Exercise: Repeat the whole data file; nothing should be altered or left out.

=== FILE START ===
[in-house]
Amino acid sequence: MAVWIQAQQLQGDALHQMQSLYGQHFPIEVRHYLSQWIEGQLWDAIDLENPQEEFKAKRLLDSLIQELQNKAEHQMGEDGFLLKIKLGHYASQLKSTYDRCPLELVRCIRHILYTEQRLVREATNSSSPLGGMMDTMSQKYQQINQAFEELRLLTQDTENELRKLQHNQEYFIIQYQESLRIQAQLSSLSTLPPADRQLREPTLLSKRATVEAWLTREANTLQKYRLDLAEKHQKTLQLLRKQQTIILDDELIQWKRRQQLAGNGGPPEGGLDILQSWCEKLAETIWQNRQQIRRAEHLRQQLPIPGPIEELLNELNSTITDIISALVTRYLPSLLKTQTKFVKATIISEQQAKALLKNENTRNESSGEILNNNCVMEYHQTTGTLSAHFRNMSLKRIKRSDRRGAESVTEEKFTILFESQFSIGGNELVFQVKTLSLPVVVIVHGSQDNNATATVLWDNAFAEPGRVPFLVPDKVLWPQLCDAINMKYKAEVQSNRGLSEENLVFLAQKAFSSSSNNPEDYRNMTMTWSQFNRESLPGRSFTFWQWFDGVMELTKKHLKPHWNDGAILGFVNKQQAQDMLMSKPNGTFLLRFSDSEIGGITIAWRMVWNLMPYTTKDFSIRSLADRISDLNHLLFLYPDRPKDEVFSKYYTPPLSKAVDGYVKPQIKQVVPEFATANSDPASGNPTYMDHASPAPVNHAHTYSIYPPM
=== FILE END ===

[in-house]
Amino acid sequence: MAVWIQAQQLQGDALHQMQSLYGQHFPIEVRHYLSQWIEGQLWDAIDLENPQEEFKAKRLLDSLIQELQNKAEHQMGEDGFLLKIKLGHYASQLKSTYDRCPLELVRCIRHILYTEQRLVREATNSSSPLGGMMDTMSQKYQQINQAFEELRLLTQDTENELRKLQHNQEYFIIQYQESLRIQAQLSSLSTLPPADRQLREPTLLSKRATVEAWLTREANTLQKYRLDLAEKHQKTLQLLRKQQTIILDDELIQWKRRQQLAGNGGPPEGGLDILQSWCEKLAETIWQNRQQIRRAEHLRQQLPIPGPIEELLNELNSTITDIISALVTRYLPSLLKTQTKFVKATIISEQQAKALLKNENTRNESSGEILNNNCVMEYHQTTGTLSAHFRNMSLKRIKRSDRRGAESVTEEKFTILFESQFSIGGNELVFQVKTLSLPVVVIVHGSQDNNATATVLWDNAFAEPGRVPFLVPDKVLWPQLCDAINMKYKAEVQSNRGLSEENLVFLAQKAFSSSSNNPEDYRNMTMTWSQFNRESLPGRSFTFWQWFDGVMELTKKHLKPHWNDGAILGFVNKQQAQDMLMSKPNGTFLLRFSDSEIGGITIAWRMVWNLMPYTTKDFSIRSLADRISDLNHLLFLYPDRPKDEVFSKYYTPPLSKAVDGYVKPQIKQVVPEFATANSDPASGNPTYMDHASPAPVNHAHTYSIYPPM